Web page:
“Judicial Watch applauds the Trump administration’s decision to rescind the Obama administration amnesty program for 800,000 illegal aliens. Judicial Watch already exposed how the Obama administration bypassed security background checks for DACA recipients, which placed the nation’s security and public safety at risk. President Trump’s decision helps restore the rule of law and constitutional governance. The Trump administration’s enforcement action on immigration shows the best immigration reform is to finally enforce the law.” - Tom Fitton, President of Judicial Watch
U.S. Immigration and Customs Enforcement (ICE) Enforcement and Removal Operations (ERO) removed a criminal alien from the U.S. and turned him over to Honduras police officials in Central America, according to the Department of Homeland Security.
This removal, and others like it, are taking place in the midst of political arguments regarding the rescinding of President Barack Obama’s DACA program (Deferred Action for Childhood Arrivals) by President Donald Trump.
The criminal alien—22-year-old Erick Raudales-Raudales, a/k/a Gerson Reiniri Raudales-Acosta—was immediately arrested by Honduran law enforcement authorities and charged with homicide.
ICE officials say that Raudales unlawfully entered the United States, prior to 2012 when he was 18-years-old, but they claim how and where he entered the U.S. remains a mystery.
On Feb. 12, 2012, U.S. Border Patrol agents captured Raudales as an alien present in the United States without being admitted or paroled under the name Gerson Raudales-Acosta. He was subsequently brought before an administrative judge who ordered him released on bond pending formal immigration proceedings.
The teenager never showed up for his scheduled court appearance and fell off of ICE’s “radar” until May 16, 2017. On that day, ERO’s Newark (New Jersey) Office received a picture and fingerprint card of a subject identified as Erick Raudales-Raudales from the ICE Attaché’s Office in Honduras, notifying ERO Newark that Erick Raudales-Raudales had warrants in Honduras for homicide.
ERO agents in Newark confirmed that the fingerprints were an exact match for those taken from Gerson Raudales-Acosta at the time of his arrest by the U.S. Border Patrol in 2012.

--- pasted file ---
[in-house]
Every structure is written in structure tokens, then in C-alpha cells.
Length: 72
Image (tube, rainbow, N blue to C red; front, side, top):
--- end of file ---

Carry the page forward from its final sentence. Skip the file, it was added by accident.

“On May 18, 2017, the Department of Homeland Security (DHS) filed a motion to reopen Raudales-Raudales’ immigration proceedings with the Executive Office for Immigration Review (EOIR). An immigration judge granted DHS’s motion to reopen the case, and ERO Newark arrested Raudales-Raudales and canceled his immigration bond on June 9, 2017,” according to a DHS/ICE statement.
It wasn’t until July 6, 2017 that the suspected killer finally admitted to EOIR that he indeed is Erick Raudales-Raudales, the man wanted for at least one homicide in Honduras.
On Aug. 9, 2017, an immigration judge ordered Raudales-Raudales removed from the United States to Honduras. He waived his right to appeal. During the Labor Day holiday weekend, ERO officers turned him over to Honduran authorities.
Jim Kouri, CPP, is founder and CEO of Kouri Associates, a homeland security, public safety and political consulting firm. He’s formerly Fifth Vice-President, now a Board Member of the National Association of Chiefs of Police, an editor for ConservativeBase.com, a columnist for Examiner.com, a contributor to KGAB radio news, and news director for NewswithViews.com.
He’s former chief at a New York City housing project in Washington Heights nicknamed “Crack City” by reporters covering the drug war in the 1980s. In addition, he served as director of public safety at St. Peter’s University and director of security for several major organizations. He’s also served on the National Drug Task Force and trained police and security officers throughout the country.
Kouri appears regularly as on-air commentator for over 100 TV and radio news and talk shows including Fox News Channel, Oprah, McLaughlin Report, CNN Headline News, MTV, etc.
To subscribe to Kouri’s newsletter write to [email protected] and write “Subscription” on the subject line.
Pursuant to Title 17 U.S.C. 107, other copyrighted work is provided for educational purposes, research, critical comment, or debate without profit or payment. If you wish to use copyrighted material from this site for your own purposes beyond the 'fair use' exception, you must obtain permission from the copyright owner. Views are those of authors and not necessarily those of Canada Free Press. Content is Copyright 1997-2017 the individual authors. Site Copyright 1997-2017 Canada Free Press.Com Privacy Statement